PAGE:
The COVID-19 Global Pandemic has ravaged developed economies across the planet. In the United States its spread has hampered supply lines, manufacturing bases, and perhaps most of all, decimated small business. The high transmissibility of the virus has resulted in months long lockdowns in many major hubs of economic activity and brought many service-based sectors to a virtual stand-still. Many industries have been affected, but Main St. has been hit the hardest, and it is believed that if the course doesn’t change soon, massive numbers of small businesses will be shuttered in the wake of COVID-19.

According to SmallBizTrends.Com, a small business survey conducted by Lending Tree reveals that up to 40 percent of small businesses in the nation’s top 50 metropolitan areas face closure if business does not soon return to normal. The results of this survey were published in July in the run up to the expiration of the Nation’s PPP economic stimulus program, on August 8th. As the nation gets deeper into the fall, no new stimulus agreement reached, the findings of the study are increasingly more alarming. Why did so many small businesses in July believe they were at the brink of ruin? They didn’t have cash on hand.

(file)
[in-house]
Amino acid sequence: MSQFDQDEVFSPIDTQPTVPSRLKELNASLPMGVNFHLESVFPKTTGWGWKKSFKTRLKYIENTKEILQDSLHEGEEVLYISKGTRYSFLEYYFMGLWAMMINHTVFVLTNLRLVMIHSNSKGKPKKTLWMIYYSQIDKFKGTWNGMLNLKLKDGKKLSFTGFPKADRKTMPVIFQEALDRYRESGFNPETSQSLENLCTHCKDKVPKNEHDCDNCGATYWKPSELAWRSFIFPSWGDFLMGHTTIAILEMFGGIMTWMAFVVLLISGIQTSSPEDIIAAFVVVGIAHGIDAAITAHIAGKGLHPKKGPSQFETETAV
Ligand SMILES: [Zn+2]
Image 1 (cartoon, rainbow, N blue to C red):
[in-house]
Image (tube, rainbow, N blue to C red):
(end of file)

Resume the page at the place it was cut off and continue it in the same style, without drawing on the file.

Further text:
The cash crisis facing small business is spread across the country. According to the study, Hartford, CT is the hardest hit metropolitan area in the country where 40 percent of small businesses say they had less than one month’s reserve cash on hand. Small Biz Trends point out that there is also a significant number of businesses with far less than one month in cash reserves: “A little more than 9% say their cash reserves would only last one to seven business days.” Hartford is not an anomaly. The study cites that businesses in St. Louis, MO “38% of small businesses say they have less than one month’s worth of cash. Almost 11% say they have one week’s worth of cash available or less.” In contrast, the major metropolitan areas of Detroit, Austin, and Portland had the “most cash on hand,” where 24 percent of businesses had a month or less available to them.

When the metropolitan areas in the best shape in the United States still risk losing up to 24% of their small businesses, the situation is dire. The virus is not just going to go away but the livelihoods of countless Americans may be destroyed in the coming months if they have not been already. Congress has done a disservice to the small businesses of this country by politicizing any further aid to Americans to the point of doing nothing. American businesses need money in the form of government assistance or a transition out of COVID-19 lockdowns. And they needed it yesterday.


Grassroots Pulse covers public policy and political issues aimed at engaging highly-active policy makers, donors, and grassroots leaders at the forefront of the political process in America today.

Image Credit: Photo by Ashim D. Silva on Unsplash